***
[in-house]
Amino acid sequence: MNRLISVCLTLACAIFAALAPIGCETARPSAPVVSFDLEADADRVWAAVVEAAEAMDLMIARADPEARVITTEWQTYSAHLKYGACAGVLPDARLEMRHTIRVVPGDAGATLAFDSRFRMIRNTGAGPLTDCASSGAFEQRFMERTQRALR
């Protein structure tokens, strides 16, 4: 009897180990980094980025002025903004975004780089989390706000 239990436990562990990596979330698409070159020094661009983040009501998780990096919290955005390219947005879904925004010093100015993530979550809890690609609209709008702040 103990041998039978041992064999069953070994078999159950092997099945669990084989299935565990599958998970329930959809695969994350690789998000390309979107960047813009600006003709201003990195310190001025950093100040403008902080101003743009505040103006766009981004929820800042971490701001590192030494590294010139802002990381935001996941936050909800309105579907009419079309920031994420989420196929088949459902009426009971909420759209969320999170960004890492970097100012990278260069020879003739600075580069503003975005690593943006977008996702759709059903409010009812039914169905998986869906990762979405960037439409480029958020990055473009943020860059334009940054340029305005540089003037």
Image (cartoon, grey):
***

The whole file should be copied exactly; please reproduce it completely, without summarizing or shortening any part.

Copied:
[in-house]
Amino acid sequence: MNRLISVCLTLACAIFAALAPIGCETARPSAPVVSFDLEADADRVWAAVVEAAEAMDLMIARADPEARVITTEWQTYSAHLKYGACAGVLPDARLEMRHTIRVVPGDAGATLAFDSRFRMIRNTGAGPLTDCASSGAFEQRFMERTQRALR
């Protein structure tokens, strides 16, 4: 009897180990980094980025002025903004975004780089989390706000 239990436990562990990596979330698409070159020094661009983040009501998780990096919290955005390219947005879904925004010093100015993530979550809890690609609209709008702040 103990041998039978041992064999069953070994078999159950092997099945669990084989299935565990599958998970329930959809695969994350690789998000390309979107960047813009600006003709201003990195310190001025950093100040403008902080101003743009505040103006766009981004929820800042971490701001590192030494590294010139802002990381935001996941936050909800309105579907009419079309920031994420989420196929088949459902009426009971909420759209969320999170960004890492970097100012990278260069020879003739600075580069503003975005690593943006977008996702759709059903409010009812039914169905998986869906990762979405960037439409480029958020990055473009943020860059334009940054340029305005540089003037």
Image (cartoon, grey):